K90 network and K92 ipchains scripts, which would kill the network
The design of Linux is as a monolithic kernel. When the machine
is halted, the kernel still resides in memory, even when the machine
runs through the shutdown process. The usual method to prevent this
from being evident is to kill all possible access to the kernel
during the shutdown process, which is accomplished by killing all
running processes, shutting down all of the machine's network
interfaces, and unmounting the filesystems. This prevents the kernel
from performing any intentional tasks while the machine is "halted".
However, the kernel is still running as a scheduler and memory manager
at that point.
Because the kernel is still running, any kernel-based tasks that
we can run in normal use can be run while halted. Of course, most
tasks require some form of input and output, either through the
shell (user input), the file system, or the network (as in this
case). Thus, we must force the machine to allow that interface to
continue to exist even while the machine is halted. This is the
effect of removing the K90network script. It no longer forces the
Ethernet cards to be stopped.
Additionally, any kernel-based services that are required (e.g.,
ipchains) must be kept running. The default behavior of the system
is to flush all ipchains rules when the machine is halted. If that
happens, the firewall won't be working at this point, so the
machine must be forced to leave the ipchains ruleset in place by
removing the script that would flush all the rules.
Given that only utilities that run in kernel space will be left
intact upon halt, the major limitation for this task is that any
type of IP addressing that requires a user-space daemon (e.g., PPP,
DHCP) to run will be unable to function in this case. This places
a limit upon the usefulness of using this on most dynamic connections.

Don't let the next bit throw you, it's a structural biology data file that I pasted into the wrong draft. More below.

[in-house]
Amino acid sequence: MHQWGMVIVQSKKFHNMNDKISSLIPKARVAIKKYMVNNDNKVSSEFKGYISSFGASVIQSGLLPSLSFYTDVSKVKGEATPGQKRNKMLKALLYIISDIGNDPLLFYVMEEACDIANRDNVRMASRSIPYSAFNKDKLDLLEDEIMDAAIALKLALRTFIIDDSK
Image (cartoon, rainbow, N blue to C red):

Similarly, any sort of user-space proxy server (e.g., Socks5) will
be killed on halt. Thus, only packet filtering and NAT are possible
with this setup.
The other consideration is that with drives unmounted, all swap
space is removed from the machine. This shouldn't be difficult
in a machine that is handling even large amounts of traffic, given
sufficient amounts of memory. However, in an older machine with
fewer resources, it is possible to experience performance issues
with extremely large amounts of traffic.
This discovery seems interesting as an exercise, at the very least.
It gives us a model for improved security in machines that are dedicated
to a specific task. I am curious to see whether this type of experiment
is possible in other free Unixes (especially OpenBSD, given kernel
space IPSec and pppoe). And, while there is limited application
for home use, it seems that this type of firewall could be used
in small to mid-size business applications to provide extremely
secure packet-filtering ability. Or, perhaps this could be used
to create a very secure and very high-bandwidth firewall/router
for larger business tasks.
Fi rewalls Discussion thread (archived on SecurityPortal):
Mike Murray is an expatriot Canadian who works as a Scientific
Technologist for nCircle Network Security, where he has performed
various tasks in the areas of systems administration, network security,
and development. He is a graduate of the University of Toronto with
a degree in Philosophy. He can be reached at: firstname.lastname@example.org.